I wish you good fortune to solving this. YOULL NEED IT
 
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xx0xx

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From some reading I was doing on fan controllers when wanting to buy one myself, I ran into multiple instances of users saying that fan controllers often failed to supply the voltage/wattage that they claimed they could for fans and pumps hooked up via PWM (example review). Is it possible something like that could be at play here?
 
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Sometimes I think a more USB-like interface for fans and pumps would be a huge benefit.

That's about when I consider how much that would cost. I mean, Corsair has already decided 50 bucks is perfectly reasonable.
 

rgMekanic

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voltage controlled fans ftw.

Sometimes I think a more USB-like interface for fans and pumps would be a huge benefit.

That's about when I consider how much that would cost. I mean, Corsair has already decided 50 bucks is perfectly reasonable.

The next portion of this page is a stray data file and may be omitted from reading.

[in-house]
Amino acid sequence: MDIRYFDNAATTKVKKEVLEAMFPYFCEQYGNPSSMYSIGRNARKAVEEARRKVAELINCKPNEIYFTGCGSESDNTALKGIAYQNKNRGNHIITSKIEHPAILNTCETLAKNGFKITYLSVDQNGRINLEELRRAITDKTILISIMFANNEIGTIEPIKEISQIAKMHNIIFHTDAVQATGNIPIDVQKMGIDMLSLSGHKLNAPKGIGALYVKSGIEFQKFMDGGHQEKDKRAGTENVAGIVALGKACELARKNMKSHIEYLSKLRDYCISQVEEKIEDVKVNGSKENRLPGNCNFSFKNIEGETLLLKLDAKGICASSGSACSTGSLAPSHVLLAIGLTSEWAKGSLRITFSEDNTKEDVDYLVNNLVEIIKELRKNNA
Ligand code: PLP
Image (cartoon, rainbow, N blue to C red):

NZXT Grid, it's what runs my 11 fans.
 
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voltage controlled fans ftw.



NZXT Grid, it's what runs my 11 fans.
I mean for each fan. That way you wouldn't have to worry about proprietary nonsense for lighting. A system that can identify the fan and its operational parameters to the BIOS and tuning can be done from there along with the aforementioned lighting.

Too many manufacturers that have spent too much money trying to wall off their gardens would have to sign on.
 

Zarathustra[H]

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Too many manufacturers that have spent too much money trying to wall off their gardens would have to sign on.